Fan favorite Erhmantraut will be there, as mentioned, but as the press reminded both Gilligan and Gould, it feels possible that we might see any number of additional Breaking Bad characters show up. There's certainly been a lot of chatter to that effect.

"Sure, these are all characters we love and there's always that possibility, Gould reflected. "We want to make something that stands on its own, though. This is not the series equivalent of a clip show."

The big question is of course: Will Walter White make an appearance, or will he not?

In an interview with IGN, Bryan Cranston himself said that he didn't know "how it would work" to have White on Saul, but added that he would like to direct an episode of the series.

When we followed up with Gilligan and Gould after the panel, the producers would only say that they'd love to have Cranston involved in any capacity on the show. "First and foremost because he's a wonderful person," Gilligan said. "He's also a great director," Gould added. As to Walter on the show, Gilligan would only say, "Maybe there is a way to make it work..."

Certainly if a portion of the series does in fact take place during the same period as Breaking Bad, it is conceivable...

Leap of Faith:

Breaking Bad is a beloved series, which means that Saul is coming out of the gate with a tremendous amount of scrutiny and anticipation, which isn't necessarily the norm for a fledgling show.

"I'm so proud of Breaking Bad, so this is like tightrope walking," Gould said. "If you look down you fall. We made this choice to follow this character because he intrigues us and we didn't feel like we were done with the world. It's daunting, but we have to go for it."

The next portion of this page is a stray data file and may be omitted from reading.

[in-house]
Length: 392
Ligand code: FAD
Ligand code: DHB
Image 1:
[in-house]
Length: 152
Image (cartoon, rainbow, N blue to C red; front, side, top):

"It's a leap of faith or stupidity," Gilligan added. "It's a challenge, but we're having fun. We're breaking episode 8 out of 10 now. It's like solving a Rubik's Cube...Though having said that I've never solved a Rubik's Cube in my life..."

Essentially, we know where Saul's going to "end up", so part of the puzzle is keeping things engaging and at least to some degree unknown. "There are limitations," Gilligan conceded. "We can't have him lose an arm in episode one..."

"It reminds me of season 5 and the machine gun in the trunk," Gould reflected. "We knew that was the right image, but we had no idea how we were going to get there."

Delaying the Launch:

It created somewhat of a stir in the press when the series premiere  for Better Call Saul was pushed back.

"I take full responsibility for that," Gilligan said. "We could have made the deadline, but I am slow as mud as a TV writer. It was my worry when I joined The X-Files because I'd been a feature film writer. We had a pace on Breaking Bad that was deliciously stately and it was nothing that the network wanted, but we have a way of doing things that is slower than most TV shows and we think that pays dividends. When people said that Breaking Bad felt tightly woven, the largest factor for that being the case is that thanks to Sony we had the time to see things through. We could have made the premiere date [for Saul], but we didn't know that the story would work through Season 2 if we did that. We only know the one way to do it  and that's the reason Breaking Bad's final season was broken up into two. We didn't elongate artificially, it was just the time that we needed."

Better Call Saul will premiere in early 2015 and is executive produced by Gilligan, Gould, Mark Johnson (Breaking Bad, Diner, Rain Man) and Melissa Bernstein (Breaking Bad, Rectify, Halt and Catch Fire) with Breaking Bad alums Thomas Schnauz and Stewart A. Lyons as co-executive producers for Sony Pictures Television.

As previously announced, Gilligan directed the first episode of the series, which has already been greenlit for a second season of 13 episodes.  The debut season will consist of 10 episodes.